There’s been a lot of hubbub surrounding Russell Tovey as of late in the LGBT scene, as we all look forward to his upcoming film The Pass which is out next month.
He recently sat down with the Evening Standard to discuss a variety of things, including how he differs from his character Jason whom he plays in The Pass and his career in general.
Despite the differences between actor and character, Russell still feels some resonance with Jason: ““I think growing up I absolutely at some point tried to become hyper-masculine. I think when I was a lot younger I was a lot freer. So I related to that side of Jason, to his pretense.”
However, there are also some big differences between their two stories.
“I was never tortured about being gay in the way that Jason is. I was watching the film of Beautiful Thing on TV. My mum came in and I turned it off and when she went to bed I turned it back on. I remember thinking ‘OK, that’s it’. It’s like someone had put their hand on mine and said, ‘There you go’. It’s a love story with a happy ending. It’s good to have role models and now there are so many more.”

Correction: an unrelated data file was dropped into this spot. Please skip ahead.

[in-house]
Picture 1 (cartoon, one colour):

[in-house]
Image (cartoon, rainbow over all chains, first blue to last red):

He then moved on to a topic we have been talking about a lot recently, which is the lack of such role models within the world of sports. This is an ongoing thing, and probably will remain so until one big player decides to start the landslide by coming out.
Russell said: “Why is it the sport that still defies anybody being out? Statistics suggest there must be one player in every Premiership team who is gay. It seems to be the last taboo, which is why I think it’s great that this film is raising the issue and being recognised.”
An issue that many LGBT actors and professionals face is the impact that coming out might have on their career. While the world of Hollywood is more accepting than it used to be, there are still concerns, especially the one of being typecast.
But, Russell seems to feel pretty positively about the impact of his homosexuality on his career: “Honestly, it’s the best thing that ever happened to me, being gay. It’s made my career.”